• the length, and some capacity, which itself

  • is a pointer to some more data.

  • But in there, we have yet another pointer

  • to the actual string value which has data, length, and capacity.

  • We keep going with these extra layers of indirection.

  • And this is something that's imposed on us

  • by the Java language itself.

  • There's no way that we can get around this, these extra layers

  • of indirection.

  • It's something that we just don't have control over,

  • where you have to buy into right up front.

  • Unlike in C++, where we can eliminate these extra layers

  • and flatten it all down.

  • And when I'm talking about zero-cost abstractions,

  • it's not just memory layout.

  • It's also static dispatch.

  • It's the ability to know that a function call at runtime

  • is either going to be statically resolved or dynamically

  • resolved at runtime itself.

  • This is a very powerful trade-off

  • where you want to make sure you know what's going on.

  • And the same idea happens with template expansion,

  • which is generics in Java and C++,

  • where what it boils down to is that if I have a vector

  • of integers and a vector of strings,

  • those should probably be optimized very,

  • very differently.

  • And it means that every time you instantiate those type

  • parameters, you get very specialized copies of code.

  • So it's as if you wrote the most specialized

  • vector of integers for the vector of integers itself.

  • And so, let's take a look at the safety aspect.

  • That's an example of what I mean by control.

  • But the safety comes into play especially in C++.

  • So this is a classical example of where

  • something is going to go wrong.

  • So the first thing that we do is we have our previous example

  • with the vector strings.

  • And we take a pointer into the first element.

  • But then we come along, and we try and mutate the vector.

  • And some of you familiar with vectors in C++,

  • you'll know that when you've exceeded the capacitive

  • of vector, you probably have to reallocate it, copy some data,

  • and then push the big data onto it.

  • So let's say, in this case, we have to do that.

  • We copy our data elsewhere, copy our first element

  • that's in our vector, push on some new data.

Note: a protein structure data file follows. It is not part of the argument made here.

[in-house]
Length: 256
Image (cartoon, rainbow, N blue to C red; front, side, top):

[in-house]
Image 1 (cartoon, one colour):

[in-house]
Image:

• And then the key aspect is we deallocate the contents

  • of the previous data pointer.

  • And what this means is that this pointer,

  • our element pointer is now a dangling pointer

  • in the freed memory.

  • And that basically implies that when we come around here

  • to print it out onto the standard output,

  • we're going to either get garbage, a segfault,

  • or this is what C++ calls undefined behavior.

  • This is the crux of what we're trying to avoid.

  • This is where the unsafety stems from.

  • So it's good to examine examples like this.

  • But what we're really interested in

  • is these fundamental ingredients for what's going wrong here.

  • Because this kind of example, you

  • can probably pattern match and figure it out.

  • It's very difficult to find this in a much larger program

  • among many, many function calls deep.

  • So the first thing we'll notice is there's

  • some aliasing going on here.

  • This data pointer of the vector and the element

  • pointer on the stack are pointing to the same memory

  • location.

  • Aliasing is basically where you have two pointers pointing

  • at a very similar location, but they don't know anything

  • about one another.

  • So then we come in and mix in mutation.

  • What we're doing is we're mutating

  • the data pointer of the vector.

  • But we're not mutating the alias reference

  • of the element itself.

  • So it's these two fundamental ingredients in combination--

  • aliasing and mutation.

  • It's OK to have either of them independently.

  • But when we have them simultaneously

  • is when these memory and safety bugs start to come up.